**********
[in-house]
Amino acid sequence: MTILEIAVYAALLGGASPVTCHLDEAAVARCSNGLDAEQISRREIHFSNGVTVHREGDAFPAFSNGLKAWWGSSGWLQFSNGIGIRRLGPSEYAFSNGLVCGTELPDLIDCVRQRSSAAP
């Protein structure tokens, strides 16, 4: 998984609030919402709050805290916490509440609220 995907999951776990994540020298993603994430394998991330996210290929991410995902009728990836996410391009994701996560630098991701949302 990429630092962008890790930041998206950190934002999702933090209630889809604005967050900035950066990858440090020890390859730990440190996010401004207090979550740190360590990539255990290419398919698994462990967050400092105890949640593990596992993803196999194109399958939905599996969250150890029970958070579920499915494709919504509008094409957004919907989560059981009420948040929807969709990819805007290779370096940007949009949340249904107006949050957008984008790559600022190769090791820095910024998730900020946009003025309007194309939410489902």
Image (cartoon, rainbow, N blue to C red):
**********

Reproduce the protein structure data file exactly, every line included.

[in-house]
Amino acid sequence: MTILEIAVYAALLGGASPVTCHLDEAAVARCSNGLDAEQISRREIHFSNGVTVHREGDAFPAFSNGLKAWWGSSGWLQFSNGIGIRRLGPSEYAFSNGLVCGTELPDLIDCVRQRSSAAP
């Protein structure tokens, strides 16, 4: 998984609030919402709050805290916490509440609220 995907999951776990994540020298993603994430394998991330996210290929991410995902009728990836996410391009994701996560630098991701949302 990429630092962008890790930041998206950190934002999702933090209630889809604005967050900035950066990858440090020890390859730990440190996010401004207090979550740190360590990539255990290419398919698994462990967050400092105890949640593990596992993803196999194109399958939905599996969250150890029970958070579920499915494709919504509008094409957004919907989560059981009420948040929807969709990819805007290779370096940007949009949340249904107006949050957008984008790559600022190769090791820095910024998730900020946009003025309007194309939410489902």
Image (cartoon, rainbow, N blue to C red):